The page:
[L]in-Manuel Miranda’s hit Broadway musical, Hamilton, brings to life the story of Alexander Hamilton and the history of his time. Yet many historians have met the pop phenomenon with skepticism; with its inaccuracies and simplifications, is Hamilton not doing greater damage than good? The short answer is a resounding “no.” In spite of its shortcomings, the musical deserves praise from the historical community. Here’s why:

#1 Tells a Human Story ...

Illustrator J. J. Gould's 1930 drawing of Amos 'n' Andy for New Movie Magazine

Imagine a show so popular that when it’s on, even movie theaters stop films midreel and broadcast it so that audiences won’t stay home. For decades in the first half of the 20th century, that is exactly what The Amos ’n Andy Show was.

During the heyday of radio, it was America’s most-listened-to program. Set in Harlem, the capital of Black America, and featuring nearly all black characters, the show was listened to by tens of millions of people every week, long before The Cosby Show became a No. 1 hit. But the radio show was voiced by white actors, and many, including the head of the NAACP, Walter White, hated its depiction of black Americans. When the popular show made the transition to television, black actors were hired, and for the first time, people of color were in starring roles on a show beamed into households across America.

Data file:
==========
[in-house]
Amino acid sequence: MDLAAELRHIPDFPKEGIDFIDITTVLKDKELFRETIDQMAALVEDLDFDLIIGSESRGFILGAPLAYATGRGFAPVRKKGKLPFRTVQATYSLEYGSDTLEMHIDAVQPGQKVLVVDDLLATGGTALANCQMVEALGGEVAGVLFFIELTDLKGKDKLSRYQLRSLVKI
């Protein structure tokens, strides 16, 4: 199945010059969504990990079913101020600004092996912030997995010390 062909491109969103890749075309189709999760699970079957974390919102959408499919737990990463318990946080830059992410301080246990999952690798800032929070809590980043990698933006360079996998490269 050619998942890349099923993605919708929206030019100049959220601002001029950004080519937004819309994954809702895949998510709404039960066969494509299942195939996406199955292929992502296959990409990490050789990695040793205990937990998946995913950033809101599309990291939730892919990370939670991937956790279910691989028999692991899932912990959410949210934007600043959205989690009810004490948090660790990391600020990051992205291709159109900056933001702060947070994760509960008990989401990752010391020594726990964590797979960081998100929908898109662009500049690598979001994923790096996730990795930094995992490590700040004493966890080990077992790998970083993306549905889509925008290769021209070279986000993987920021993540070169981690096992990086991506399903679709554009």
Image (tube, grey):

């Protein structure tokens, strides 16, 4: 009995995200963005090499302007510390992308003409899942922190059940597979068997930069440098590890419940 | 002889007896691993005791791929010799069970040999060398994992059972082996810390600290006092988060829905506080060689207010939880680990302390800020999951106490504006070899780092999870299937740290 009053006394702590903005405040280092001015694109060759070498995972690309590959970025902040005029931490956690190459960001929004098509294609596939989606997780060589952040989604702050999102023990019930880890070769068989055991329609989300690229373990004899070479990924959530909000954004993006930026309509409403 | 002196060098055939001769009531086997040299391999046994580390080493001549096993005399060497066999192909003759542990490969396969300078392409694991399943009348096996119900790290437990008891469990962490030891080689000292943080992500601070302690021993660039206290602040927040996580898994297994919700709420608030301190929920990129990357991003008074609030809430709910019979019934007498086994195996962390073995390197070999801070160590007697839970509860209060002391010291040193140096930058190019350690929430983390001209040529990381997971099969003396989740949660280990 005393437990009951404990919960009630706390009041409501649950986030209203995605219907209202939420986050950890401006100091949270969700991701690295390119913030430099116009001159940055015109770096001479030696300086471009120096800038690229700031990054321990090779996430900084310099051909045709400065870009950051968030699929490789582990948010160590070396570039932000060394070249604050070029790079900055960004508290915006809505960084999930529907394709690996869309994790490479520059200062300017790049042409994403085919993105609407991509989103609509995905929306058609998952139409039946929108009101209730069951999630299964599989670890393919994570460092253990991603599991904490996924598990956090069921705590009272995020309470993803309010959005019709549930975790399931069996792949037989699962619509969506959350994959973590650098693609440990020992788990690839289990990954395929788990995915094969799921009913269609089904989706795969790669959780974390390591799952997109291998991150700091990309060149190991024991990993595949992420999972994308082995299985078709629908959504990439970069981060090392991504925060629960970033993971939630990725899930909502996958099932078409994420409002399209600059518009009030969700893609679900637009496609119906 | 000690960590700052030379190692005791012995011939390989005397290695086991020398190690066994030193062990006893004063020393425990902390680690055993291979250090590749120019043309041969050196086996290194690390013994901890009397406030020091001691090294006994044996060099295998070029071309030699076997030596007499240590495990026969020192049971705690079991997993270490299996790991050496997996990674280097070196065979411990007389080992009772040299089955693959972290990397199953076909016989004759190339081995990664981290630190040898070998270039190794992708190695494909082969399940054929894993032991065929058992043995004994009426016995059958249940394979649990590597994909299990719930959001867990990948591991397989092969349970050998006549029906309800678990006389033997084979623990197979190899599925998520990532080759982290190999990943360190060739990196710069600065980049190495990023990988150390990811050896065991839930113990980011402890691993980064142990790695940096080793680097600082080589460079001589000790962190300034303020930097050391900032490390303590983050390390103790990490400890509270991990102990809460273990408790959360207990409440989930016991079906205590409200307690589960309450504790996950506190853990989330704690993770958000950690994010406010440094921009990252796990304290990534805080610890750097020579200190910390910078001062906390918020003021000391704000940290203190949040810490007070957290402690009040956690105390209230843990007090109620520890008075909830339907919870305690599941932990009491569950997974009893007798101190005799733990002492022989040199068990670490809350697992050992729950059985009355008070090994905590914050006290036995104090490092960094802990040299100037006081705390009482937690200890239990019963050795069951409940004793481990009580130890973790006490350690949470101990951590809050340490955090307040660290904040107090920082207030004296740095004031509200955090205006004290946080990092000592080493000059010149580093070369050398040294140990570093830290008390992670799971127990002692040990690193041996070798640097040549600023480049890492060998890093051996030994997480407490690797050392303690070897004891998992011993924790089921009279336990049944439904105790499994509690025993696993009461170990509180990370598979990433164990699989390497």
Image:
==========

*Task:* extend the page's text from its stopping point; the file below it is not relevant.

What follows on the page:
It is this moment that award-winning screenwriter and director Trey Ellis is exploring in a table-reading of his new script, Holy Mackerel, which will be performed at the Montalban Theater in Los Angeles at a table-reading Sept. 17, the evening before the Emmy Awards, and starring Jesse Williams, Mykelti Williamson and David Alan Grier, among others. The reading is being produced by the Black List, which collects the most important unproduced scripts circulating in Hollywood.

In 2000, Mel Gibson released The Patriot. On one level, one could view the movie as another stirring action story in the tradition of Braveheart. If the characters in the movie weren’t exactly historical that was OK; it was set in a real war with real locations and the good guys won. The movie wasn’t intended to be “the true story” of some specific individual or individuals, so relax and enjoy the entertainment.